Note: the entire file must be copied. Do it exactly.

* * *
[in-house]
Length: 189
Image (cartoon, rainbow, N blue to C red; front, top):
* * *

[in-house]
Length: 189
Image (cartoon, rainbow, N blue to C red; front, top):